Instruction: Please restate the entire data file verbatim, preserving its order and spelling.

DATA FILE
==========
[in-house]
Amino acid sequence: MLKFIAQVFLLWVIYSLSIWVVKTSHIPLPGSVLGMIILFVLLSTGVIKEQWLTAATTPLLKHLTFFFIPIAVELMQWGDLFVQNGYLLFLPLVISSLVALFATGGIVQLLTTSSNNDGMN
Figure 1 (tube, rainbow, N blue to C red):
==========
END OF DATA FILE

[in-house]
Amino acid sequence: MLKFIAQVFLLWVIYSLSIWVVKTSHIPLPGSVLGMIILFVLLSTGVIKEQWLTAATTPLLKHLTFFFIPIAVELMQWGDLFVQNGYLLFLPLVISSLVALFATGGIVQLLTTSSNNDGMN
Figure 1 (tube, rainbow, N blue to C red):